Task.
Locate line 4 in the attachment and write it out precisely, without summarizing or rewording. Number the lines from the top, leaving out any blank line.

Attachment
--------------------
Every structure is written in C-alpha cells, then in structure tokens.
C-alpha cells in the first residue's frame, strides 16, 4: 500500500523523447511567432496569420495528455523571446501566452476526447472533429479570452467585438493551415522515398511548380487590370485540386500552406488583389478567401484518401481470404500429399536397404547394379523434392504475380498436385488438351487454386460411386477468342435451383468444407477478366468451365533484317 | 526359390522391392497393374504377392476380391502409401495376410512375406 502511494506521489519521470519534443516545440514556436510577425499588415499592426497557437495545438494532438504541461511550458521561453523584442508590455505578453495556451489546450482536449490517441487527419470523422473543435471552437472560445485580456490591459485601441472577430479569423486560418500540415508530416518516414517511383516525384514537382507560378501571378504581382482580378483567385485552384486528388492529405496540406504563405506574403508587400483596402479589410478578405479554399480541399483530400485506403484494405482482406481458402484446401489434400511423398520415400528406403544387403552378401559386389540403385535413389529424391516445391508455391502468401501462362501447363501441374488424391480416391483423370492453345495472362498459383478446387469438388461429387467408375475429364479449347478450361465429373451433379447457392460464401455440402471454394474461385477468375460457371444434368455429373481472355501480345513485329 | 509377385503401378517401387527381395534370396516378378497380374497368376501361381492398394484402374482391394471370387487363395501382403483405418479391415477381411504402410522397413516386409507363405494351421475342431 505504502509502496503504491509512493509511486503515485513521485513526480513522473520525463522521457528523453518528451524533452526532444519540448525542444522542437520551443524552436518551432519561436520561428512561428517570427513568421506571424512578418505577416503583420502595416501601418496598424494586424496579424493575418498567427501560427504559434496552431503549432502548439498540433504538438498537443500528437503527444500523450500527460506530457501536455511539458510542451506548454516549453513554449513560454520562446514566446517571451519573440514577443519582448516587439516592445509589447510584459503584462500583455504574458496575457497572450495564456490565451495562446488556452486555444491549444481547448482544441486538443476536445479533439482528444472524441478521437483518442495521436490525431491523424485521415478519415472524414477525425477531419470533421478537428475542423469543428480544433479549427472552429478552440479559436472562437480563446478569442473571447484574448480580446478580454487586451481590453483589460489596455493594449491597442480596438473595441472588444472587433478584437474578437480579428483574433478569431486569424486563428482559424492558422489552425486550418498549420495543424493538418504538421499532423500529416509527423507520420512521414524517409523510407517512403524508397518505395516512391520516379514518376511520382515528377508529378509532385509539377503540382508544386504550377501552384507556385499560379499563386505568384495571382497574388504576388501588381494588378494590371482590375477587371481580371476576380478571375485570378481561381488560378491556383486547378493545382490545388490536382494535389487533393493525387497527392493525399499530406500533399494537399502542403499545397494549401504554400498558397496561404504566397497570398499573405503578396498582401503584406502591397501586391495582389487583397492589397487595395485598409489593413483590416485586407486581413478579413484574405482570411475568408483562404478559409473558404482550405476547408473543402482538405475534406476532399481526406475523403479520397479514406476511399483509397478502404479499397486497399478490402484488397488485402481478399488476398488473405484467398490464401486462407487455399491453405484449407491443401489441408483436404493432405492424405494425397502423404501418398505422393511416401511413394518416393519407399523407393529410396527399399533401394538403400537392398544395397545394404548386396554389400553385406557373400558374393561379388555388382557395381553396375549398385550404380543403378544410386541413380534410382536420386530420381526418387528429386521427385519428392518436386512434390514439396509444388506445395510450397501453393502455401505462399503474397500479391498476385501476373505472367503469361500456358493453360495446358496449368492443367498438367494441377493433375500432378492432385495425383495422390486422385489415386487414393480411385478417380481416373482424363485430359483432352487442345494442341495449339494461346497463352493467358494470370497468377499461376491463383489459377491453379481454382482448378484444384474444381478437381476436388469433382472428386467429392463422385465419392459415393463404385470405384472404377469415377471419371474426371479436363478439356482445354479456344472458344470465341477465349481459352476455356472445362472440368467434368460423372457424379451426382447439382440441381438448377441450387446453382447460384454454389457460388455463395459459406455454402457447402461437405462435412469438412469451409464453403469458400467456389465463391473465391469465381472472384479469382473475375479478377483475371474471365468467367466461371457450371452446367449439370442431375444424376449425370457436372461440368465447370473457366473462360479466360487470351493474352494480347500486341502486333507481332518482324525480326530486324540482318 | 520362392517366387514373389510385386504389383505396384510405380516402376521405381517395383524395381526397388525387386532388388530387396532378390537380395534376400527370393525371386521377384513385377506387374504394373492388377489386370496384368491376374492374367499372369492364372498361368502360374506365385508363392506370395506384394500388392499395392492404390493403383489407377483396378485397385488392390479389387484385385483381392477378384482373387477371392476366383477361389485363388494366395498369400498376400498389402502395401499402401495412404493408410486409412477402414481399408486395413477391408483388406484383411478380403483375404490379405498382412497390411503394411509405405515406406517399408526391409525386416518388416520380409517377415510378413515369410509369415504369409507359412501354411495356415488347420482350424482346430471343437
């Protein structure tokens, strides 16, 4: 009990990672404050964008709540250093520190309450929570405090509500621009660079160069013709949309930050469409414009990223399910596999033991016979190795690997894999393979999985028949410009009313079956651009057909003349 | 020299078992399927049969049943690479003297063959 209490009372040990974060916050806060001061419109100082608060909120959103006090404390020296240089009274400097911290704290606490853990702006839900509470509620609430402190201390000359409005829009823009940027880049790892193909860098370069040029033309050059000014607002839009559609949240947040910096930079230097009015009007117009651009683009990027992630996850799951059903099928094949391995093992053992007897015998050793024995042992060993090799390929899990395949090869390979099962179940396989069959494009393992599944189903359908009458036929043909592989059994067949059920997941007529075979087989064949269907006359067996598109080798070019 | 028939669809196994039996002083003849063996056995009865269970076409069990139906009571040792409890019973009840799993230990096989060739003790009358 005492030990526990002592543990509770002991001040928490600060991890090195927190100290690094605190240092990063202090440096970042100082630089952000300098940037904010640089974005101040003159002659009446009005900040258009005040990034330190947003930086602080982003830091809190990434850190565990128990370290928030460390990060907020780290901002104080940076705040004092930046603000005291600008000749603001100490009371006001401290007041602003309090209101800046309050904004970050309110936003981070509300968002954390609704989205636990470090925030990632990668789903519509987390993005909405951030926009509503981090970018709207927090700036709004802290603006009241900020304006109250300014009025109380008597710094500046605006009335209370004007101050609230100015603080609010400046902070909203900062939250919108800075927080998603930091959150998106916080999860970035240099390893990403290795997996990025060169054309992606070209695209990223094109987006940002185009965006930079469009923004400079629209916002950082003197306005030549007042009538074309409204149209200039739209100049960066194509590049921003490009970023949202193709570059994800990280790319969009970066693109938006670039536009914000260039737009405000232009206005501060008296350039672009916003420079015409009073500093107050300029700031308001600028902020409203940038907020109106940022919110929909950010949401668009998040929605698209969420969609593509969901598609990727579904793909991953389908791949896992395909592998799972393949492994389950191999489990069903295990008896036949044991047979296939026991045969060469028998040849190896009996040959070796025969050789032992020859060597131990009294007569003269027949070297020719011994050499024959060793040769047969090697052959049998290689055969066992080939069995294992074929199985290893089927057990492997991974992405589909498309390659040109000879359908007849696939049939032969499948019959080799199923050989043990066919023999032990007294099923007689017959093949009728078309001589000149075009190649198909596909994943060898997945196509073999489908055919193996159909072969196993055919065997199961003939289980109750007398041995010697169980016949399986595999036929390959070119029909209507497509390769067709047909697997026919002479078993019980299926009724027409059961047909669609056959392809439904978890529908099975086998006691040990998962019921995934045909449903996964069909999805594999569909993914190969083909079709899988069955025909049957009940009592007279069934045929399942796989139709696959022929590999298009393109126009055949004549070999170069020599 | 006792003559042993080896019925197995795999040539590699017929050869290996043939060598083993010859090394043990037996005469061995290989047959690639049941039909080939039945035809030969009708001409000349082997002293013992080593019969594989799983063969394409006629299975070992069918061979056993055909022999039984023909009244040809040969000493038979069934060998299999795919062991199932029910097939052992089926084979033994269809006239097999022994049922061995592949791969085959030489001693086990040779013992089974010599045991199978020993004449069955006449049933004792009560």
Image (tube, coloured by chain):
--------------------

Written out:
Image (tube, coloured by chain):